The NHL will officially use concussion spotters this season for the first time to identify "visible signs" of head injuries, according to reports Tuesday.
In response to a class-action lawsuit by former players, the league will watch more closely for concussions this season, using two spotters at each game. But The Hockey News reported that the actual spotting will be in the hands of the teams, who will employ their own observers.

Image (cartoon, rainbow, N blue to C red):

The spotters will not have the authority to pull a player from a game if a concussion is suspected. Independent spotters will keep a log of possible injuries and hits to the head for possible comparision with the team-employed spotters, who are not required to be doctors.
"I think it's a step in the right direction," Minnesota Wild general manager Chuck Fletcher said.
The NHL is facing a lawsuit filed by more than 80 former players over claims that the league "did not properly disclose to players that repeated blows to the head could result in long-term brain damage."